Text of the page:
Serum sickness is a hypersensitivity reaction, similar to an allergic reaction, which occurs in response to a certain antiserum. The body's immune system mistakes a protein in the antiserum as a potentially harmful substance (antigen). The body then develops an immune response against the antiserum.
Antibodies bind with the antiserum protein to create larger particles (immune complexes). The immune complexes are deposited in various tissues, causing inflammation and other symptoms like skin rash, itching, hives, joint pain, arthritis, peripheral neuritis (inflamed peripheral nerve), optic neuritis (inflamed optical nerve), myelitis (inflamed spinal cord), fever, shock, muscle pain, diarrhea, abdominal pain, nausea, vomiting, decreased blood pressure, malaise and enlarged lymph nodes.
Antiserum derived from horse serum and administered as antitoxins or antivenoms are the most common cause of serum sickness. These products are used to treat or prevent rabies, tetanus, botulism and snakebites.
Antiserums derived from horse, rabbit or mouse serum (like antithymocyte globulin, OKT-3) may also cause serum sickness. These preparations are used to treat graft rejection, malignancies (cancerous tumors) or autoimmune diseases.
Other heterologous proteins (derived from more than one animal) may cause serum sickness in some people.
Stings from insects of the order Hymenoptera such as, bees and mosquitoes, as well as tick bites may cause serum sickness.
Exposure to certain medications (especially penicillin) can result in a similar reaction. However, unlike other drug allergies, which occur very soon after receiving the medication for the second (or subsequent) time, serum sickness can develop one to three weeks after the first exposure to a medication. The following drugs may cause serum sickness-like reactions: antibiotics (like cephalosporins, ciprofloxacin, metronidazole, penicillin, rifampicin, streptomycin or tetracycline), antifungals (like itraconazole), antineoplastic agents (like mercaptopurine, procarbazine or thiouracil), anticonvulsants (like carbamazepine or phenytoin), antidepressants (like bupropion or fluoxetine), antidysrhythmics (like procainamide or quinidine), antihypertensives (like captopril, hydralazine, methyldopa or propranolol), anti-inflammatories (like gold salts, indomethacin, naproxen, penicillamine, phenylbutazone, sulindac) and others (like, allopurinol, barbiturates, dextrans, halothane, iodides or methimazole).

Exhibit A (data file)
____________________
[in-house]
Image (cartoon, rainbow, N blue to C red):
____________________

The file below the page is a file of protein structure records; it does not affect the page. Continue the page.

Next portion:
Symptoms usually do not develop until one to three weeks after the initial exposure to the antiserum because the body has to produce antibodies to the antigen. However, patients who have been exposed to the offending antigen previously may develop symptoms in one to three days. Symptoms usually last one to two weeks before spontaneously subsiding. Fatalities are rare and usually are the result of continued exposure to the antigen.
Common symptoms include skin rash, itching, hives, joint pain, arthritis, peripheral neuritis (inflamed peripheral nerve), optic neuritis (inflamed optical nerve), myelitis (inflamed spinal cord), fever, shock, muscle pain, diarrhea, abdominal pain, nausea, vomiting, decreased blood pressure, malaise (general feeling of discomfort) and enlarged lymph nodes.
Rare symptoms include: chest pain or breathlessness (resulting from pleuritis, pericarditis, or myocarditis) and encephalitis (inflammation of the brain).
General: In general, laboratory studies are not always helpful in establishing a diagnosis. Symptoms of serum sickness are often similar to other conditions. However, patients who present symptoms of serum sickness and who have recently been exposed to a drug or other product that may cause the reaction should be suspected of having serum sickness. Certain laboratory findings have been reported in patients who have serum sickness, including enlarged lymph nodes, protein or blood in the urine and vasculitis.
Physical examination: If symptoms of serum sickness arise after exposure to antiserum, a qualified healthcare provider should be consulted. During a physical examination a qualified healthcare provider may observe large lymph nodes that are tender to the touch in the patient.
Urine sample: A urine sample may contain blood or proteins.
Blood test: A blood test may indicate vasculitis (inflamed blood vessels).